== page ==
During a period that CORE was used for measured outcome, every client using counselling with Dean* experienced a reduction of distress and an improvement in their CORE-34 measurement levels.

Before Counselling Begins… After Counselling Ends…
[Severe] [Low Level]
[Moderately Severe] [Mild]
[Moderate] [Healthy]
[Mild] [Healthy]

*The table uses anonymous data from individuals counselling with Dean Richardson MNCS(Accredited Registrant) during 2009-2010.

Data was taken and measured using CORE Outcome Measure (CORE-OM 34).

CORE-OM 34 covers four dimensions: subjective well-being, problems / symptoms, life functioning and risk/harm.

The data shows that every client experienced improvements in distress levels.

Specialist Areas in Counselling.

Psychodynamic Counselling
Psychodynamic Counselling takes its theoretical framework from original researches such as Freud, Jung, Klein, Winnicott, Bion etc.

We say that there are both conscious and unconscious parts of our minds. Sometimes these parts are happy with each other, and sometimes they are not.

Stress, depression and unexplained behaviour may be hypothetically attributed to conflict between the unconscious and conscious minds. A psychodynamic counselling approach attempts to bring understanding to the conflicts, and once understood the client will discover choices.

By working in partnership with a counsellor adept with the psychodynamic approach helps to form a therapeutic alliance that may unravel emotional conflicts.

Systemic/Psychodynamic Couple Counselling
A couple that is in trouble in their relationship will have created a system of conflict. The couple may not be aware of the system, only that they seem to be trapped in an unending cycle of arguments and unhappy behaviour.

Systemic Counselling: helps the couple begin to understand what’s actually going on in their relationship’s system. With new knowledge comes choices of how the couple may begin change their reactions and responses to each other.

Brief/Focussed Counselling
Brief/Focal psychodynamic counselling employs the same psychodynamic approach as long-term counselling does, but achieves a shorter amount of time in counselling by only focussing on specific matters (so, any “wandering” around topics is put aside in order to concentrate on the agreed focus).

The counsellor and client must be motivated and willing to spot and to disregard irrelevant topics.

Brief/focal counselling works well with setting an agreed number of sessions at the start.

Counselling for Blokes

As a bloke, you might get the idea that it takes balls to first walk into the counsellor’s office.

But then after meeting with Dean you’ll know that it’s really less about courage and more about facing the intangible sense of weakness we carry within us.

Men who have met with Dean have regularly found him to be the bloke they want to talk with when they have some problems.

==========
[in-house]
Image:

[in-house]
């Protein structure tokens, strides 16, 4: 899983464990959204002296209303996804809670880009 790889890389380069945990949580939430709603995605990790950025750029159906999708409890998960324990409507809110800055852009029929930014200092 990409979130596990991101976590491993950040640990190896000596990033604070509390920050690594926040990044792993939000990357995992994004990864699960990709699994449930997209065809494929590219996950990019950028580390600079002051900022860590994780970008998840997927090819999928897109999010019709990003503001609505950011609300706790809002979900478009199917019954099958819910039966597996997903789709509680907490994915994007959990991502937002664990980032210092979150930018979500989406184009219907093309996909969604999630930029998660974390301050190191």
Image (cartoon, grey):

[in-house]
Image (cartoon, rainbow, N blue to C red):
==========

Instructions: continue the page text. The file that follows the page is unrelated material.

FUN FACT: in 2015, Dean’s case load was 100% male.

When you need to have that experience as if you’re talking to a mate down the pub, but that he’s a professional, he’ll keep it to himself, and that he supports you rather than telling you what to do, you’d read up on Counselling for Men (Havant).

LGBT(QI) Counselling - Lesbian, Gay, Bisexual, Trans*, Questioning and Intersex
Most counsellors nowadays work with lesbian, gay, bisexual and trans* clients without question.

Some counsellors still decline (due to religious or other reasons).

Why go to a counsellor who’s not comfortable with LGBT/Questioning when Dean Richardson is a specialist LGBT counsellor?

When you’re struggling with sexuality, or difficulties with lifestyle, Dean could be the GSD*/LGBT counsellor for you.

FUN FACT: dedicated website for LGBT Couples: http://LGBTCoupleCounselling.co.uk/

*GSD: Gender and Sexual Diversities.

Situations I may choose not work with…

As an ethical counsellor in private practice, there are areas that I am not capable of working with (and a couple that I may not feel comfortable working with). I think it’s important to give you an informed decision about working with me.

  • As a client you must find the capacity to be able to work along with me as the counsellor. If you’re thinking of presenting your problems to someone, in the hope that they will resolve them for you, then it’s probably not a counsellor you want.
  • I do not provide instruction on how to resolve your personal problems, your relationship conflicts nor your group dysfunction. I do, however, use skills to assist you in discovering these for yourself/yourselves.
  • You must be able to look after yourself in between counselling meetings (or have a support network).
  • I do not work with people experiencing serious psychiatric disorders (e.g. bipolar disorder, borderline personality disorder etc).
  • I am unable to work with people who are unable to tell the difference between reality and non-reality (e.g. a psychosis or paranoid delusion). Mild phantasies (“I think no-one likes me”) is absolutely fine to work with me.
  • I am a counsellor/psychotherapist. This is not the same as a psychologist, a psychiatrist, a psychoanalyst or a GP/Doctor. I do not provide diagnoses nor prescribe medication.
  • I only work with adults aged 18 years and over. I have no training in working with children.
  • I will not accept requests to see someone who is being “sent” to me by a third party; no matter how well intended.
  • Other difficulties I may decline to work with if I consider myself too inexperienced in the subject area.

Couple counselling:

  • I am qualified in working with domestic violence, but I may choose to decline.
  • Couple Counselling cannot “fix” your partner for you. If you both wish to participate in looking at the relationship’s difficulties, you will be welcome.

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Got a question about Dean Richardson's counselling services in Havant (Hampshire)? Want to make contact, maybe asking about a first appointment? Send Dean a message any time…